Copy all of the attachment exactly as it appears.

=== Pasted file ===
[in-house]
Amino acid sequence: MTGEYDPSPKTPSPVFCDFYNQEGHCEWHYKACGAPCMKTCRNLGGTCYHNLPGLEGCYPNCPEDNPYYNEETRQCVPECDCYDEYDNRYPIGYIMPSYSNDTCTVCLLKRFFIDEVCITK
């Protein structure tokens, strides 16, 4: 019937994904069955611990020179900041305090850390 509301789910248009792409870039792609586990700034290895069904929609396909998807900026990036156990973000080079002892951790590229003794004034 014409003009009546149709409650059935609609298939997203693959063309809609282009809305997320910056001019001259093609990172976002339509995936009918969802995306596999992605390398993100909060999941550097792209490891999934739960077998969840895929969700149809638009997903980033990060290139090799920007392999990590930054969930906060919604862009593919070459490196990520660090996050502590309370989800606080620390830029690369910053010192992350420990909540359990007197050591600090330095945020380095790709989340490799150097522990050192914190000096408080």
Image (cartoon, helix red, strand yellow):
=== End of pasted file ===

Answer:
[in-house]
Amino acid sequence: MTGEYDPSPKTPSPVFCDFYNQEGHCEWHYKACGAPCMKTCRNLGGTCYHNLPGLEGCYPNCPEDNPYYNEETRQCVPECDCYDEYDNRYPIGYIMPSYSNDTCTVCLLKRFFIDEVCITK
């Protein structure tokens, strides 16, 4: 019937994904069955611990020179900041305090850390 509301789910248009792409870039792609586990700034290895069904929609396909998807900026990036156990973000080079002892951790590229003794004034 014409003009009546149709409650059935609609298939997203693959063309809609282009809305997320910056001019001259093609990172976002339509995936009918969802995306596999992605390398993100909060999941550097792209490891999934739960077998969840895929969700149809638009997903980033990060290139090799920007392999990590930054969930906060919604862009593919070459490196990520660090996050502590309370989800606080620390830029690369910053010192992350420990909540359990007197050591600090330095945020380095790709989340490799150097522990050192914190000096408080």
Image (cartoon, helix red, strand yellow):